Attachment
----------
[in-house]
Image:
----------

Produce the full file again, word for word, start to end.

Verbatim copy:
[in-house]
Image: